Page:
Pasta con le Sarde (with Sardines)

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by Cat, June 2010 ((Photo, right, from Wikimedia Commons)

See also 1. Sardines (About); 2. Marinated Sardines

Includes: 1. Gay’s Pasta with Sardines; 2. Pasta con le Sarde

Sardines are becoming popular, primarily because they are a fish relatively free from water contaminants like mercury, are still found in abundance, and are an excellent source of Omega-3 fats. They also are an excellent source of vitamins B12, B3, and vitamin D; minerals selenium, phosphorus and calcium, and are packed with protein. (2)

If you cannot obtain fresh sardines, choose those canned in olive oil rather than soybean oil, and store in a cool cupboard away from heat sources. Turn the can once in awhile to ensure all parts of the sardines are exposed to the oil. (2)

Gay’s Pasta with Sardines

My friend Gay passed on several sardine recipes to me, including this one of her own invention (with a minor modification by me concerning the pine nuts).

Sauté canned sardines in a little olive oil with capers, garlic, Crispy Pine Nuts, thyme and a little lemon zest and juice. Serve with linguini or spaghetti.

Pasta con le Sarde

This is one of the recipes my friend Gay shared with me. She found it in the New York Times’ Dining & Wine Recipes, March 30, 2008 (1), but the recipe was originally published with FOOD: THE WAY WE EAT; Just Grate, By Robert Trachtenberg, March 30, 2008; Adapted from Gusto in Manhattan. In turn I have made some modifications according to my dietary concerns.

Serves 4


  • ½ cup currants (dried)
  • 1/4 teaspoon red-pepper flakes
  • 1/2 cup dry white wine such as vermouth
  • 1 tablespoon butter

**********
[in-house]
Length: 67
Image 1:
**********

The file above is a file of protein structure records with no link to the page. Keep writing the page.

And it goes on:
• 1/2 cup unseasoned dry bread crumbs
  • 1/2 cup plus 6 tablespoons olive oil, divided
  • 1 medium onion, finely chopped
  • 2 small cloves garlic, minced
  • 1 pound fennel, bulb finely chopped, fronds chopped and reserved
  • 1 Tbsp fennel seeds, crushed
  • Unrefined sea salt
  • 2 pounds fresh sardines (trimmed and deboned, yielding 1 1/4 pounds) or 1 pound canned
  • 1 pound bucatini pasta (thick, spaghetti-like pasta but hollow; spaghetti is a good substitute)
  • ½ cup Crispy Pine nuts or toasted pine nuts
  • 1/4 cup capers, rinsed
  • Freshly ground black pepper


  1. Pasta pot or Saucier
  2. Saute pan
  3. Cast iron skillet
  4. bowls (for prepped veggies, fennel fronds, fennel seeds, bread crumbs)



  1. Day before: prepare Crispy Pine nuts; dry bread and crumble or grind into crumbs.
  2. Same day: Bring a large pot of water to a boil (for cooking the pasta).
  3. Chop onion; mince garlic; finely chop the fennel bulb. Set these aside in a bowl.
  4. Crush fennel seeds in a mortar with pestle and add to veggies.
  5. Chop the fennel fronds and reserve separately.
  6. Trim and debone the sardines (see Sardines (About))

Sardines and sauce:

  1. Combine the currants, red-pepper flakes and wine in a bowl; set aside.
  2. In a small sauté pan, melt the butter over medium heat. Add the bread crumbs and cook, stirring, until golden brown. Transfer to a bowl, stir in 2 tablespoons of the olive oil and set aside.
  3. In a heavy skillet, heat 1/2 cup olive oil over medium-low heat. When hot, add the onion, garlic, fennel bulb and fennel seeds. Season with salt. Cook, stirring occasionally, until the fennel is tender, about 25 minutes.
  4. Add the wine mixture and the sardines, breaking them into pieces with a fork. Bring to a boil and gently simmer for 10 minutes.


  1. Add enough salt to the boiling water so that it tastes salty. Boil the bucatini until al dente, 6 to 8 minutes; strain.
  2. Return the pasta to the pasta pot and set over low heat. Fold in the fennel-sardine mixture. Toss in the remaining 4 tablespoons olive oil. Add 3/4 of the fennel fronds,  pine nuts, rinsed capers and a quarter of the bread crumbs. Season to taste with salt and pepper.


  1. Divide pasta among plates and sprinkle the remaining bread crumbs and fennel fronds over each. Serve immediately.


  1. New York Times recipe:
  2. Worlds Healthiest Foods on sardines:

About Cat

See my 'About' page
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